As the last barriers to Drupal 8's launch dwindle, 2015 is shaping up to be a good year for the Drupal community. And though its release date isn't confirmed yet, let's take a look at 8 reasons why Drupal developers and anyone who is looking for an improved experience with their website should be excited for the impending arrival of Drupal 8:
1. Drupal 8 is Mobile First: Mobile websites and apps are the new reality, and so for the first time Drupal is addressing this comprehensively; all built-in themes in Drupal 8 are responsive, making it easier to administer on a mobile device.
2. Drupal 8 Enhances Multilingual Support: Programming languages aren't constrained by geopolitical boundaries, but traditional "human" languages are, creating barriers between developers and users; with Drupal 8, an emphasis on improved multilingual and globalization support has been prioritized to deliver improved web experiences for both users and developers. There are improvements to language maintenance options, site translations and easier-to-customize settings. This bodes well for developers and site users everywhere.
3. Drupal 8 Utilizes the Symfony2 Framework: Drupal 8 has become more object-oriented by utilizing the Symfony2 framework, taking advantage of a stack of standard components used throughout a variety of frameworks; this makes it easier for new developers to learn Drupal and begin building powerful digital products in less time.
4. Drupal 8 Uses Twig: Drupal 8 is also making use of "Twig," an agile and secure template engine for PHP. Twig has been tailored to run smoothly together with Symfony's class-based approach to programming, and it provides a greater separation between logic and display. This also helps boost security, since PHP can no longer be embedded directly in templates. And just like Symfony2, Twig removes barriers to entry for front-end developers new to Drupal, adopting a syntax that should be familiar to developers with experience with Handlebars or other similar systems.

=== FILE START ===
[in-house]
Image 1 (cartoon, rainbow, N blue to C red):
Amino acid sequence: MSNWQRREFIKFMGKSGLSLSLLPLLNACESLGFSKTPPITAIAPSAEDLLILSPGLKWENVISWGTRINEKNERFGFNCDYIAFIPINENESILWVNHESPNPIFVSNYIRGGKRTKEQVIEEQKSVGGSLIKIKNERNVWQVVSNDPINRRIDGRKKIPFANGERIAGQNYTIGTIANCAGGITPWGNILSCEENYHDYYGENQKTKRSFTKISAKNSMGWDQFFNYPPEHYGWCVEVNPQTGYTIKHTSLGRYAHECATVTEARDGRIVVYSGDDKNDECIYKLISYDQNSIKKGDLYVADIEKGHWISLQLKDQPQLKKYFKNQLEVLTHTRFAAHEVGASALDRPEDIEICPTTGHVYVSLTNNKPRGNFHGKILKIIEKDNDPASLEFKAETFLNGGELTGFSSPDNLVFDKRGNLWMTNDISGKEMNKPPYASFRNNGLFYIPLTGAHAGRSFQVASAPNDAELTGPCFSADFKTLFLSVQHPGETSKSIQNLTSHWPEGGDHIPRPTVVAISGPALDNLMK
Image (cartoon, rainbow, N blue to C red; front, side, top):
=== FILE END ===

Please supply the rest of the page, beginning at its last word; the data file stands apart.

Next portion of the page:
5. Drupal 8 Makes Content Creation Easy: Drupal 8 uses the common WYSIWYG editor (a.k.a What You See is What You Get). This means the process of content creation, from formatting to editing, has been designed to be more user-friendly. Personalization of content is improved by drag and drop buttons that include images with captions, and the editor toolbar is customizable, allowing content authors to add or remove editing buttons based on what they use most. HTML tags will automatically update as well.
6. Improved Configuration Management: Drupal 8 comes with a file system-based configuration management system, which makes it simple to transport configuration changes such as new content types, fields, or views from development to production. It also lets you use version control for your configuration, so you can keep your configured data in files, separate from production data in the database.
7. Drupal 8 Won't be Wordpress: Despite being considered the most sophisticated CMS out of the 'Big Three' (the other two being Wordpress and Joomla), in recent years Drupal has failed to compete with Wordpress for overall market share. There's a variety of reasons for this, chiefly being Wordpress is less sophisticated and therefore easier to develop. Drupal 8 won't be a watered-down CMS attempting to pander to a wider audience of developers and clients. Drupal 8 will include features like Symfony2 and Twig that should lessen the learning-curve for developers—resulting in growth in the ranks of Drupal developers—but without sacrificing its core capabilities.
8. Drupal 8 Will be Better for Clients: With Drupal 8, the combination of user-friendly content authoring, multilingual support, and smooth interface features will make using Drupal-built sites easier than ever before, and improved back-end features will mean Drupal will be far more attractive to novice developers. This means it will be cheaper to build website as the Drupal community grows, and that clients will be receiving far more dynamic web solutions than their budgets could've gotten them previously.
So who is going to benefit from Drupal 8? Well, in theory everyone. Without sacrificing the complex architecture that sets it apart from other open source platforms, Drupal 8 should improve both user and developer accessibility, and it does both without becoming more proprietary. And best of all, skilled Drupal development teams like Vardot—who already build dynamic applications using Drupal 7—will have enhanced tools with which to continue creating beautiful web solutions; and that alone should give anyone who is looking for improved web and mobile experience a 9th reason to be excited for Drupal 8's impending release.